Tuesday’s Associated Students Senate meeting had positive news on the financial front, as Director of Finance Adam Haverstock said that the excess enrollment funds would be voted on for availability next week.
“We are in the preliminary stages of receiving money from excess enrollment, so we won’t be at zero,” Haverstock said in reference to the financial actions on the agenda.
Haverstock claimed during the meeting that $4,481 was available in the unallocated reserves for the actions that were being voted on.
Later on, however, Haverstock gave conflicting information when he told the Sundial that only $2,667 was available in the unallocated reserves, which would have caused a deficit with the approval of all financial actions.
When questioned about discrepancies in the finances, Haverstock said that his numbers differed from the accounting office, due to reconsiderations for such as the Filipino American Student Association.
“Accounting didn’t know what to do with them,” Haverstock explained. “They saw them as new actions.”
When all issues were adjusted between accounting and finance, there was $6,581 available in the unallocated reserves, more than originally stated, and the academically related reserves account had $4,302. After allocations were made at the meeting, the current unallocated reserves account balance stands at $3,141.
All actions were approved with little discussion in the Senate except for funding for Islamic Awareness Week, which was postponed until the next Senate meeting. Members did not request any financial amendments to the actions set forth by the finance committee.
With the approval of all financial actions, there is $3,141 available, but with excess enrollment being voted on next week, the Senate could have another $89,000 available in the unallocated reserves until the end of the fiscal year.
With the excess enrollment coming in, Haverstock said, “there will be more than enough money to get through to June 30, which is the end of the fiscal year.”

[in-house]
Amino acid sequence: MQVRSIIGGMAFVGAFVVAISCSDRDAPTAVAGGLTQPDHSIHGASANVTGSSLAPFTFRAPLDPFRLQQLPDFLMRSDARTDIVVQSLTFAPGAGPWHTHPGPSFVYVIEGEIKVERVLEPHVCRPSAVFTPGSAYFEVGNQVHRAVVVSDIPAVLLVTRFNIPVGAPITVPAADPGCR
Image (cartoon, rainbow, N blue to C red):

Money left in that account at the end of the fiscal year will then be lumped together with money that is in the corporate reserves account, and will be split up evenly for the next fiscal year.
During the committee reports, the Chair of Academic Affairs, Edita Madatyan, brought forth the resolution to oppose the 10 percent student fee increase that is being proposed for the CSU system.
The resolution was passed unanimously, with the language stating that it is not the responsibility of the students to fix the financial problems within the CSU system.
University Affairs Chair Byron Baba discussed a number of action items that his committee is currently facing.
The committee is trying to implement a program called “eMatador,” which would be a book-trading program among students. Baba said the program was not embraced by the bookstore and is currently in test mode only.
“We’re not allowing it to the public for security reasons,” Baba said.
“Walk a Mile in Her Shoes,” an event to denounce violence against women, will be coming on April 28.
General Manager David Crandall informed the Senate of developments in health insurance for students, which 33 percent of CSUN students do not have.
“We have come to terms with a student health insurance provider,” he said.
Crandall encouraged write-in campaigns for the upcoming Senate race, and informed the Senate, “We have a horrible turnout of candidates in the Senate election, in my opinion.”
Crandall warned the senators and officers about speaking negatively of the competition and reminded them that their “credibility on campus is directly tied to the number of people who voted for you.”
Next year’s preliminary budget is ready for review, Haverstock said, and senators have two weeks to request any amendments.
Director of Legislative Affairs Steven Vanover gave the Senate documents regarding bills in the state senate that would potentially repeal in-state tuition for illegal immigrants and their children.
“These two bills would eliminate the California Dream Act. If this is eliminated, it would force those students to pay out-of-state tuition,” Vanover said.
He also informed the Senate that a tentative agreement had been reached between the CFA and CSU salary contract negotiations.